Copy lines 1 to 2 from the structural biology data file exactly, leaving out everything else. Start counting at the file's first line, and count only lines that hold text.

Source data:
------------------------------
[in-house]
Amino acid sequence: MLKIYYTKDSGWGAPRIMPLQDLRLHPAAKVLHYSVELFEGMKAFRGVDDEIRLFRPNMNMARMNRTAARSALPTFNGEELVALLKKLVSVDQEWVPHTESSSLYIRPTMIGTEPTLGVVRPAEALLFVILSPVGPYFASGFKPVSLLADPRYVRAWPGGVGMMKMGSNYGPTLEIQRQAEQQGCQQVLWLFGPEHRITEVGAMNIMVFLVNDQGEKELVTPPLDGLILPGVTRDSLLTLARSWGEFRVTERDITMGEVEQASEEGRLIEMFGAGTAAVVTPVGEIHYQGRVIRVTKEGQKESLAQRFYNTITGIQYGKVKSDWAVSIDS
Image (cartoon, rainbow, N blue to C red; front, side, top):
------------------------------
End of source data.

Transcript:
[in-house]
Amino acid sequence: MLKIYYTKDSGWGAPRIMPLQDLRLHPAAKVLHYSVELFEGMKAFRGVDDEIRLFRPNMNMARMNRTAARSALPTFNGEELVALLKKLVSVDQEWVPHTESSSLYIRPTMIGTEPTLGVVRPAEALLFVILSPVGPYFASGFKPVSLLADPRYVRAWPGGVGMMKMGSNYGPTLEIQRQAEQQGCQQVLWLFGPEHRITEVGAMNIMVFLVNDQGEKELVTPPLDGLILPGVTRDSLLTLARSWGEFRVTERDITMGEVEQASEEGRLIEMFGAGTAAVVTPVGEIHYQGRVIRVTKEGQKESLAQRFYNTITGIQYGKVKSDWAVSIDS